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Christian Yelich Has the Brewers Soaring

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“I don’t know what more he could do right now,” said Craig Counsell, the Brewers’ manager. “He’s basically been Barry Bonds in the second half of the season. I mean, that’s what he’s done. I played against Barry a lot, being in Arizona for those years, that’s what it’s felt like with Christian in the second half.”

So, yes, life is grand for Yelich — though on Tuesday, especially, he felt the enduring sense of loss that underscores his reason for being here. It was the second anniversary of the death of Jose Fernandez, the star Marlins pitcher who was killed in a boating accident in the early morning hours of Sept. 25, 2016.

Fernandez had boundless spirit and talent, but the accident revealed a darker side; he was found to have been legally drunk at the time, with cocaine in his system, and two others died with him in the crash. The tragedy tore the guts of a young team in a perennially unstable baseball market. The franchise was sold, and new management traded its star outfielders – Yelich, Giancarlo Stanton and Marcell Ozuna – last winter.

Yelich believes he would not be with the Brewers had Fernandez lived.

“I’d still be in Miami, and Stanton would still be there, and Ozuna would still be there as well,” he said. “Two years ago today. I remember the day very, very vividly.”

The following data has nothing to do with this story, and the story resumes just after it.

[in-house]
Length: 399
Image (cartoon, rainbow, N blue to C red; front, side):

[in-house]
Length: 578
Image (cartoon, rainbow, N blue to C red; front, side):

The details remain fresh to Yelich: the group text canceling that day’s game, the meeting in the clubhouse with players at their lockers facing outward, staring blankly at each other, nobody crying yet, the news too raw and disturbing to comprehend.

To think of it now, Yelich said, is to imagine himself looking down on it all, from Dee Gordon’s emotional homer in the next game, to the tearful news conferences, to the hearse at the field, to the funeral. It felt like a movie, Yelich said, and the players all knew the aftermath: they would never win in Miami without Fernandez, and they would never be the same as people.

“You don’t take anything for granted anymore,” Yelich said. “That’s a big reason why I decided I wanted to play in the W.B.C. the following year. There’s a Japan trip coming up now, and I was like, ‘I want to do that.’ You want to get everything out of this game. You want to experience as much of it as there is to offer, because you never how long you’re going to get to do it. It’s short.


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